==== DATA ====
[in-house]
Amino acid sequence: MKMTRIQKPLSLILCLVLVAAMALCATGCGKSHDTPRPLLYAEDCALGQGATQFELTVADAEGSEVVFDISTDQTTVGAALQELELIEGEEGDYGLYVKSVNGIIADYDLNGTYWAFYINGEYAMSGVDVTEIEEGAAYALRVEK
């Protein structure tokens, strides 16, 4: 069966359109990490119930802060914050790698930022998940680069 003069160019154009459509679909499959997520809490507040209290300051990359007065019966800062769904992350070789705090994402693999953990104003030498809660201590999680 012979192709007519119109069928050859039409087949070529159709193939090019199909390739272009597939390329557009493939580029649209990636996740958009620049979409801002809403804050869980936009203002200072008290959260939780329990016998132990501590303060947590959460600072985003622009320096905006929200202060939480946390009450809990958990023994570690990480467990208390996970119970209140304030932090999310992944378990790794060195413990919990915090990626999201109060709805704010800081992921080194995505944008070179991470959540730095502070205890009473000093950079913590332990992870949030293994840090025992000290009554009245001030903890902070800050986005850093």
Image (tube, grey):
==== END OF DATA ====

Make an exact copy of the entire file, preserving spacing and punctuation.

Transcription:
[in-house]
Amino acid sequence: MKMTRIQKPLSLILCLVLVAAMALCATGCGKSHDTPRPLLYAEDCALGQGATQFELTVADAEGSEVVFDISTDQTTVGAALQELELIEGEEGDYGLYVKSVNGIIADYDLNGTYWAFYINGEYAMSGVDVTEIEEGAAYALRVEK
């Protein structure tokens, strides 16, 4: 069966359109990490119930802060914050790698930022998940680069 003069160019154009459509679909499959997520809490507040209290300051990359007065019966800062769904992350070789705090994402693999953990104003030498809660201590999680 012979192709007519119109069928050859039409087949070529159709193939090019199909390739272009597939390329557009493939580029649209990636996740958009620049979409801002809403804050869980936009203002200072008290959260939780329990016998132990501590303060947590959460600072985003622009320096905006929200202060939480946390009450809990958990023994570690990480467990208390996970119970209140304030932090999310992944378990790794060195413990919990915090990626999201109060709805704010800081992921080194995505944008070179991470959540730095502070205890009473000093950079913590332990992870949030293994840090025992000290009554009245001030903890902070800050986005850093």
Image (tube, grey):